IEEFA, June 2020
“The full emergence of Australia as an energy superpower of the low-carbon world economy would encompass large-scale early-stage processing of Australian iron, aluminium and other minerals.”
As Ross Garnaut points out in Superpower, Australia has the potential to become a much more significant economic power in a decarbonised world. With abundant low-cost renewable energy sources, comparative advantage in the production of hydrogen, and huge deposits of minerals that form the basis of industrial production, Australia could lead the world in producing the components of low-carbon industrialisation: steel, aluminium, cement, silicon, lithium and rare earth minerals.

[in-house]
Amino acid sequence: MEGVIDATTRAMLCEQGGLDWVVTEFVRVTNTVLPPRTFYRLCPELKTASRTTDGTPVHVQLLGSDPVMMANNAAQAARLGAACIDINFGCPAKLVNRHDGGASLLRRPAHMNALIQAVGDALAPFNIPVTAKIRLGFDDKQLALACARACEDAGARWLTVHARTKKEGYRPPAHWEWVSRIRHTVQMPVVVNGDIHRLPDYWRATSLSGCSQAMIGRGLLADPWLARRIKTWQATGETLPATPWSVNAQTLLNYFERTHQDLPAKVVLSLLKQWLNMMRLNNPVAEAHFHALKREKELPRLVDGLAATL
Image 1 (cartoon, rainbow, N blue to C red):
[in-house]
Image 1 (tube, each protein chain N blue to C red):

At about 35%2 of total output, generation of electricity is Australia’s largest source of carbon emissions.3 But electricity is also key to rapid decarbonisation of other major emitters such as transport, industrial processing and manufacturing, that now account for 54%4 of the country’s emissions.
Green hydrogen, for example, could be a transformative element in the decarbonisation of polluting activity such as steel production, ammonia manufacture, alumina and silica refining, transport, and peaking electricity generation. But for that to occur, green hydrogen would have to be produced using clean, renewable electricity. And that puts the Australian industrial economy at a crossroads: embrace the clean energy transition or decline along with fossil fuels.